• Overview
    Light Needs:
    Light needs: Partial Sun
    Partial to full sun
    Watering Needs:
    Water needs: Moderate
    Needs regular watering - weekly, or more often in extreme heat.
    Average Landscape Size:
    Average Landscape Size
    Fast grower to 12 ft. tall, 8 ft. wide.
    Key Feature:
    Key Feature
    Fragrant
    Blooms:
    Flowering Time
    Late spring
  • Detail
    Botanical Pronunciation:vy-BER-num
    Plant type:Shrub
    Deciduous/evergreen:Evergreen
    Growth rate:Fast
    Average landscape size:Fast grower to 12 ft. tall, 8 ft. wide.
    Foliage color:Green
    Blooms:Late spring
    Flower color:White
    Flower attributesFragrant, Showy Flowers
    Design IdeasThis tall shrub makes an excellent hedge or screen, providing fragrant flowers and fall/winter fruit. Also useful in the back of the border as an accent.
    Companion PlantsWhite Florida Anise-Tree (Illicium floridanum 'Alba') with its showy white flowers. Use the variegated foliage of Sunrise Abelia (Abelia x grandiflora 'Sunrise') as a contrast. The form and uprightflower clusters of Red Buckeye (Aesculus pavia) also works well.
  • Care
    Care Information
    Follow a regular watering schedule during the first growing season to establish a deep, extensive root system. Feed with a general purpose fertilizer before new growth begins in spring. For a tidy, neat appearance, shear annually to shape.Pruning time: late winter or early spring.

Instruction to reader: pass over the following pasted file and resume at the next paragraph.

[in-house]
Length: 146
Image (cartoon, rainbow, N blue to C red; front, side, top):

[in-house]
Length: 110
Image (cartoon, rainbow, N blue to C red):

Light Needs:
    Light needs: Partial Sun
    Partial to full sun
    Watering Needs:
    Water needs: Moderate
    Needs regular watering - weekly, or more often in extreme heat.
  • History & Lore
    History:
    The viburnum clan falls into the honeysuckle family, Caprifoliaceae. The genus, classified by Linnaeus includes over 225 species spread over most of the globe an on virtually every continent. Th species is native to Japan, Korea and Taiwan and introduced in 1818. It has proven to be highly variable, producing different forms within its range. Originally it was classified as V. odoratisssimum var. Awabuki but this plant has been since given its own species. The name Awabuki is derived from its place of origin in Japan.
    Lore:
    This cultivar of Viburnum Awabuki was collected by J.C. Raulston of North Carolina State University Arboretum, from plants he found on the South Korean island of Chindo in 1985.